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(Reuters) - Poland's InPost on Friday reported weaker-than-expected growth in quarterly parcel volumes in its home market, sending shares in the parcel locker firm sharply lower.
Fourth-quarter volume of parcels delivered to its flagship automated parcel lockers (APMs) in Poland rose 25% year on year, the company said.
That was below guidance of 29%-35%, analysts at JP Morgan wrote in a note to clients.
InPost shares were down 7.6% at 1018 GMT on the Amsterdam stock exchange, having opened up almost 5%.
JP Morgan analysts attributed the miss to a third-party logistics issue at one of the large e-commerce platforms.
InPost counts Amazon and Polish e-commerce platform Allegro among its clients.
"We saw record daily volumes in December ... more than 2.5 million parcels ordered on the 22nd and 23rd of December were delivered by 3 p.m. on Christmas Eve, with the capacity to ship even more volumes," CEO Rafal Brzoska said in a statement.
In December, InPost, which recently signed a deal with Prosus-owned classifieds platform OLX, introduced same-day delivery to 20 cities in Poland, with guaranteed delivery to APMs by Christmas Eve for parcels dispatched by Dec. 22.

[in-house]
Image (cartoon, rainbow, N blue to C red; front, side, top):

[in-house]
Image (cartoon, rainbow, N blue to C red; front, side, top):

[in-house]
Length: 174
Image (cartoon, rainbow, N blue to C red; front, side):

Erste Securities analyst Krzysztof Kawa said he did not understand "such a negative market reaction" as the operating figures were "neutral" and broadly line.
The company lowered its guidance last November on slower-than-expected growth in the e-commerce market.
With 107 million parcels delivered in the fourth quarter and 83 million in the third, there is no reason to worry, he added.
The firm beat its 2021 target numbers of deployed APMs, which already factor in the July acquisition of France's Mondial Relay, with a 66% year-on-year increase globally to 20,367 machines, including 16,445 in Poland.
It had targeted 19,350-19,900 APMs globally, while in late December it said it was on track to meet its guidance of 16,000-16,300 APMs in Poland.
The firm's pick-up and drop-off points (PUDO) parcel volumes in France grew over October-December, while customer usage of newly deployed APMs was stronger than it had expected.
(Reporting by Piotr Lipinski and Dagmarah Mackos in Gdansk; editing by Subhranshu Sahu and Jason Neely)